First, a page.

0
$\begingroup$

I've seen many questions answered on the twin paradox but they hand-wave the problem away using non-inertial frames. "you must accelerate away and come back therefore we use the Rindler metric". But I'm not interested in that, I'm interested in this inertial situation:

I am in my spaceship, you are on the ISS. We are twins. I am already moving at $86.6\%$ of the speed of light. As I whizz past you, right next to the ISS, we both start our clocks.

I travel to andromeda. I do not accelerate, I do not decelerate.

We both wait $1$ year according to our clocks, then we take a selfie, and we both fire out a radio signal containing our selfie and the timestamp towards each other.

By happenstance, an alien is in a UFO and at the midpoint and is static relative to you when the two radio packets both arrive at the same position. He intercepts both simultaneously, and decrypts them, and looks at both selfies.

Who is younger in the selfie? In your frame of reference I was moving at $0.866c$, so:

$$t' = \frac{t}{\sqrt{1-0.866^2}} = 2t$$

But my frame of reference you were moving at $-0.866c$, so

$$t' = t' =\frac{t}{\sqrt{1-(-0.866)^2}} = 2t$$

So in my frame you should've aged at half speed but in your frame I should've aged at half speed.

So what does the alien see? whose selfie is older?

(I would've liked to have used the example that as soon as I reached andromeda I collapsed a quantum entangled particle and told you to take a selfie upon collapse and then we saw who was older but I guess someone would just say "you can't transfer information through entanglement" so I had to use the alien example).

$\endgroup$
4
  • 5
    $\begingroup$ All twin paradox questions and confusions get resolved when you draw a spacetime diagram. Have you drawn a spacetime diagram? $\endgroup$ – Prof. Legolasov May 28 at 5:22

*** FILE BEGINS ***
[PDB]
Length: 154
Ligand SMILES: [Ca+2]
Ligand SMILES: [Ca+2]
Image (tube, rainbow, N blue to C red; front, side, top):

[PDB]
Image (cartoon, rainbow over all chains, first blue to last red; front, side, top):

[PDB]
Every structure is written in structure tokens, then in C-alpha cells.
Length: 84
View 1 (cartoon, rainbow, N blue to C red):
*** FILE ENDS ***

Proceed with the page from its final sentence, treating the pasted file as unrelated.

• $\begingroup$ We both wait 1 year according to our clocks, then we take a selfie...Who is younger in the selfie?" Seriously? If you were both 35 when you passed each other, you both waited 1 year according to your own clocks, then you took the selfies --- then you are both 36 in the selfies. Sometimes it pays to stop and think for a moment before you start writing down formulas. (In this case you wrote down the wrong formula for the Lorentz transformation, which depends on both $t$ and $x$, not just $t$.) $\endgroup$ – WillO May 28 at 5:30
  • 2
    $\begingroup$ PS: @Prof.Legolasov gave you good advice re spacetime diagrams in general. But in this specific case, 30 seconds of thought would have sufficed. $\endgroup$ – WillO May 28 at 5:34
  • $\begingroup$ " We both wait 1 year according to our clocks, then we take a selfie, and we both fire out a radio signal " Do you wait 1 year, from the moment of when clocks were set to 0 , or 1 year from the moment of passing andromeda ? If you are waiting 1 year from the moment of passing ISS, then why is andromeda part of the question ? Isnt it better to remove the andromeda part entirely ? $\endgroup$ – silverrahul May 28 at 6:24
3
$\begingroup$

There is only one correct resolution to the twin "paradox" regardless of your setup. There is no need for hand-waving or use a special set of coordinates (such as the Rindler coordinates OP mentions). No. The only real definition for the time elapsed on someone's person clock is the proper time of their world-line. I would go as far as to argue that the only real way to avoid confusing oneself with relativity is to try and think exclusively in terms of world lines and what they are doing.

To make this precise, suppose that in the coordinates $x^\mu=\langle t,\vec x\rangle$, the observer on Earth is simply sitting at the origin and time is elapsing for them. That is, the world-line (path through spacetime) of the person on Earth may be written $x^\mu_E=\langle t,0\rangle$, the subscript $E$ for Earth. We can also write the path traveled by the spaceship person (in the same coordinates!) as $x^\mu_S=\langle t,\vec vt\rangle$. Normally, physicist would say that this is the path through spacetime taken by the spaceship as seen by the Earth observer.

We then need to define the proper time, and to do so we must introduce the Minkowski metric: $$ ds^2 = -dt^2+d\vec x^2=dx^\mu\eta_{\mu\nu}dx^\nu. $$ I am working in units where $c=1$ since the factors of $c$ aren't important for determining who's older. Note $\eta_{\mu\nu}$ is itself the Minkowski metric here, which is $\text{diag}(-1,+1,+1,+1)$. In this metric signature, a timelike curve will have negative length, so we define the proper time to be $d\tau=\sqrt{- ds^2}$, so $$ \tau = \int_C\sqrt{-d s^2} $$ is the time elapsed on the personal clock of someone traveling along the curve $C$ through spacetime.